The peroxide useful as an oxidant in the process of the present invention is suitably any peroxide, or hydroperoxide such as hydrogen peroxide, t-butyl peroxide, t-butyl peroxypivalate, decanoyl peroxide, lauroyl peroxide, propionyl peroxide, acetyl peroxide, combinations thereof, and the like.

The treatment time for contacting the DMC catalyst-containing polyol with the oxidant is generally between a few minutes or less and ten hours or more, preferably between about one and about four hours. The treatment temperature is suitably between 70 C. and about 140 C., preferably between about 90 C. and about 120 C.

The oxidant(s) is generally employed, if in liquid form, in a total amount of between about 5% and about 0.02%, preferably between about 0.40% and about 0.15% based upon the total weight of the polyol and may be adjusted based upon the total amount of DMC catalyst employed, it is used in an amount sufficient to cause formation of the insoluble catalyst residues.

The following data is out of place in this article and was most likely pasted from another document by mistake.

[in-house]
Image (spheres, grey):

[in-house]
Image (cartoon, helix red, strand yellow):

In a particularly advantageous aspect of the present invention, an oxygen-containing gas or hydrogen Peroxide is utilized in combination with sulfuric acid to produce enhanced efficacy of separation of the treated DMC catalyst residue from the polyol. Alternatively, sulfuric acid or hydrogen peroxide are utilized singly to provide good separation of the catalyst residue from the polyol.